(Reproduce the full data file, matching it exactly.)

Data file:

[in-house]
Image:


[in-house]
Image: